Chick with slipped Achilles tendon *Update - She's gone*


9 Years
Jun 29, 2010
The Lakes Region, NH
I have a chick who hatched last nigh with what I believe to be a slipped Achilles tendon. I've found some posts and a poultry site on how to treat, but I need clarification. What exactly should it feel like? I've felt her joint, but it just feels bony. Do I need to extend her leg all the way back to put the tendon in place? She doesn't like it when I try to move her leg back. Does anyone have any experience with this? I could really use some help!

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I am completely heartbroken. I brought little Faith to an avian vet this afternoon, hoping something could be done to fix her leg. She did have a slipped tendon, and in the doctor's opinion, only costly surgery would give her the best chance. Even with the surgery he couldn't be certain she would fully recover. Without surgery she could learn to live with her disability but would have a poor quality of life and would never be able to live with the flock. Knowing this, the decision should have been easy, but I had a very difficult time deciding to have her euthanized. I have grown very attached to her in the past two days while nursing her. I literally held her all day yesterday because it was the only way she was comfortable. I held her in her box the entire hour ride home, sobbing and hoping I made the right decision. The 'what ifs' keep dragging me down. What if she could have healed on her own? What if I had given her more time? I kept thinking I could hear her peeping inside her little box, but I couldn't bear the thought of seeing her little body. I am waiting for DH to come home so we can bury her in my flower garden. At this point I can only focus on my chicks that have hatched and appreciate them more for the happiness they create. I'm sorry to unload all of this, but there aren't many people who understand the charm of a chicken.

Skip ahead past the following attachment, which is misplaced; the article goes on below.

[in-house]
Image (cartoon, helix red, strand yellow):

So sorry...<3
It's my own experience, the people around me outside of family don't understand how a chicken takes hold of you....
But at least this great place is here...everyone is always so comforting and understanding. I wish the whole world was like that...
You loved her and that's the greatest thing you could do for her.
So very sorry. If it's any consolation, I've tried nursing chicks like that and still ended up putting them down after weeks of caretaking and becoming very attached. As they grow, it becomes very difficult for them to get around, the other leg starts to give out and their quality of life is just not good. You did the right thing, believe me, and hope you can find some joy in your other little ones. I do know how hard it is, especially when you are not sure about the outcome:(

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